A school of flying fish soars by a whale ship hove-to off shore at Juan Fernandez. Here the ship Kutusoff is seen making a passage between Juan Fernandez and Pitcairn Island, a distance of 2900 miles.
Stop #10: Pitcairn Island (01:59)
Pitcairn, like Juan Fernandez, is another of these fabled islands of the South Pacific with great associated stories. The mutineers of H.M.S. Bounty settled the island after seizing the ship from her reportedly tyrannical master, William Bligh, in 1789. Russell shows several details including the famous Banyan tree under which the Bounty people built their village later named Adamstown, for the patriarch and last-surviving mutineer, John Adams. Apart from the curiosity associated with the place, there was little reason for whalers to make extended visits to Pitcairn. One feature of traveling across the Pacific Ocean that Russell simply cannot convey is the vast distances involved. It is 2000 miles from Cape Horn to Juan Fernandez, and 2900 miles from Juan Fernandez to Pitcairn Island.
Stop #11: The Marquesas (02:49)
This section shows an exciting sperm whaling scene. The action takes place off the high volcanic island of Ua Pou, called Roapoua by whalemen. This island, with its distinctive mountain spires was one of the most often illustrated of the Marquesas group. The natural beauty of the ocean, the birds, fish, whales, dolphins, and other natural phenomena are a recurring theme throughout this painting. For instance, in this scene off the Marquesas Islands, we see a large school of dolphins cavorting in the sea.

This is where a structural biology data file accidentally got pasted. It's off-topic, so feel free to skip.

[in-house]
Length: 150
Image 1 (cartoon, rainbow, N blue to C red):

The harbor of Nuku Hiva, on the island of the same name, was among the most popular ports of call in the Marquesas. It is famous as the place where Herman Melville deserted the ship Acushnet of Fairhaven in July of 1842, where he conceived his ideas for his first great work of literature, Typee: A Peep at Polynesian Life.
Stop #12: The Society Islands (Tahiti) (01:57)
Leaving the Marquesas, the voyage continues southwest toward the Society Islands, the most commonly known of which is Tahiti. Here, the panorama depicts the Essex, a whaler out of Nantucket. While cruising in the Pacific Ocean in November 1820 she was rammed and sunk by a large and furious sperm whale. The crew of 20 men took to the whaleboats and made for the coast of Chile over 4000 miles away. Only eight men survived the ordeal – having resorted to cannibalism. This terrifying story was widely known from First Mate Owen Chase’s 1823 narrative, and decades later influenced Herman Melville’s greatest work, Moby-Dick.